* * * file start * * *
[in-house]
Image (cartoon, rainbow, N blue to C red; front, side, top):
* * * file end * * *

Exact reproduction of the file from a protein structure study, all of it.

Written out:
[in-house]
Image (cartoon, rainbow, N blue to C red; front, side, top):